To my sister's email:
Scam? No way!
If it took up two pages of the USA Today (when things like moon landings, world wars and nuclear reactor meltdowns take up like a half), their accountant sent it to them and it's similar to the famous Pepsi suing General Electric thing, it just has to be true, right?
Let alone that it's from some strangers friend named Pearlas Sandborn who really is an attorney even though she (he?) has an name that sounds like it was made up by the witness protection program AND Microsoft and AOL (and some how Intel) are the now the "largest internet companies".
Why this just has to be true. I'm counting my money already using a spread sheet on google, which apparently not one of the largest internet companies.
I'm sure that Microsoft and AOL have large, inexplicable email counting devices that count every single email that I send and looking for text like "PEARLAS SANDBORN" so they can add $245 minus two dollars to some unexplained account on my behalf for every person that I sent it to that sends it back out. Hell, I'm going to make this reply worth $490 right here: "PEARLAS SANDBORN". No, wait, I sent this to 21 people so that's $10,290 right there or is this only worth $241 since I got from you. Oh, I don't know, it's kind of confusing so I'll just wait for the check. I'm sure Bill will know. Or he has an army of people that will know.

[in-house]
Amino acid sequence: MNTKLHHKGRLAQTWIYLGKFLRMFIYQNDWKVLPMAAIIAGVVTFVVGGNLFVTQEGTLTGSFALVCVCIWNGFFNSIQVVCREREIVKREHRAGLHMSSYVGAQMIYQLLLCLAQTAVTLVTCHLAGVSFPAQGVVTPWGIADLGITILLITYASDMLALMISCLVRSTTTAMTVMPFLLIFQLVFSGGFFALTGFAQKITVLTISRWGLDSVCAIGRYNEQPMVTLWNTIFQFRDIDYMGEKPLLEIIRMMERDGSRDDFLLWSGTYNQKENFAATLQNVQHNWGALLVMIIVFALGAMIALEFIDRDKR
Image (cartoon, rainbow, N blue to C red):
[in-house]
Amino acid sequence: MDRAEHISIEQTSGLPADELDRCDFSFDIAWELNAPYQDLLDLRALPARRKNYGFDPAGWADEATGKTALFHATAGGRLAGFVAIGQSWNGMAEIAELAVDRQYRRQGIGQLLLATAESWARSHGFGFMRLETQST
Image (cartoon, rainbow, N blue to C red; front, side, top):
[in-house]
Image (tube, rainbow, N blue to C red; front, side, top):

I'm sure I'm bound to get at least $10,000 because everyone knows it's all marketing expenses to him anyway.
My money is as good as spent. Hey, help me out and send it to back me again. Ka-Ching! there is $241. Hell, let's just send it back and forth. It will only be two dollars less with each reply.
Now if you'll excuse me a friend of the son of the cousin of the President of IBM in Nigeria needs MY help in getting a large sum of money out his country and I have several heavenly unicorn LOL-cat angels waiting on responses to emails in my inbox.